Our technology editor answers your trickiest tech questions
Question I have an iMac that I bought in 2012. It won’t support Photoshop, which I tried to download. Rather than upgrading to a new iMac, could I buy a MacBook, connect it to my old iMac and use Photoshop that way? — Pat Keating
Your iMac will let you do this in a slightly quirky set of circumstances. When I say ‘quirky’, I mean that the MacBook you use needs to be one from 2019 or earlier; in other words, using your 2012 iMac as the screen for your MacBook can only be done if the Mac laptop is using a version of the Mac operating system known as macOS Catalina, which is three years old.
Newer versions, such as the current macOS Monterey (12), won’t work in this particular set-up. What’s more, your own iMac has to have no newer a Mac operating system than macOS High Sierra (which was the 2017 version of the operating system). If this sounds a bit awkward and confusing, it is. If you are really thinking of buying a new MacBook to use Photoshop, and need the larger monitor to better examine the editing details you’re doing, it would be a lot easier to simply add a new high-quality 24-inch monitor, which you can pick up for under €150.
It’s very easy to hook the two up and there are no weird operating system requirements. Moreover, you don’t need a ‘Pro’ model — the cheapest MacBook Air (€1,129) is more than adequate to do the job.
But I have to ask an even more basic question. Would you be buying a MacBook just to run Photoshop on a larger screen? If so, you’d save yourself at least another €150 (or more if you already have a keyboard and mouse) by getting a Mac Mini (€799).
I won’t ask whether you ‘need’ Photoshop as you must already have decided that you do. But for anyone else wondering whether you need Photoshop, which is very expensive, to edit photos, I decided I didn’t — even though I sometimes post professional shots online and in print. I prefer a combination of Apple’s own Photos app, iMovie and free online alternatives such as Pixlr or Fotor on a Mac instead (or Google’s Snapseed on either an iPhone or Android).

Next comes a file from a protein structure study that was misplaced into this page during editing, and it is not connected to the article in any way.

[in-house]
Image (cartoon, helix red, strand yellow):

Recommendation: Mac Mini (€799)
I live in a rural area and my broadband is supplied from a mast. It’s around 10Mbps for downloads and 2Mbps for uploads. My house is old with thick stone interior dividing walls.
I purchased a Deco M5 router to help and was delighted as I could get internet in all rooms. Because of our location, we depend on Sky TV to get good reception on all stations. Having recently received my free TV licence, I extended the Sky subscription to cover another TV.
This in turn caused reception problems with the main TV. The Sky engineer reverted back to the old internet router to ensure that stations on both TVs worked. And now I’m back to poor internet reception around the house. What, if anything, can I do to remedy this?
— Marrietta Herraghty
I’d need to have a little more detail about the exact issue. From the sound of it, there is some manoeuvering you might be able to do with the routers (you may be able to plug one of them into your old router, for example). But really, the basic problem you have is the broadband package you’re on. 10Mbs is a very, very slow and basic speed. It’s barely enough to operate most modern services, even when distance isn’t an issue.
If there’s any possibility of getting a better package at an affordable price (decent rural options such as Starlink are far too expensive for most people at €100 a month), take it.
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OneSonic BB-HD1 (G2)
€80 from Onesonic.com
This Irish headphone designer has done a good job in improving some aspects of its second generation, affordable noise-cancelling wireless headphones. They’re more comfortable and slightly better for audio and keeping out unwanted external noise. They’re not as good as premium sets from the likes of Sony, but they cost only a third of the price.
Bose Soundlink Flex
€170 from Currys
Bose generally makes good speakers, so this portable model comes with high hopes. Its advantages include being effectively waterproof (it can float in water) and the ability to pair to a second one for full-room sound. The rechargeable wireless speaker has a battery life of up to 12 hours between charges.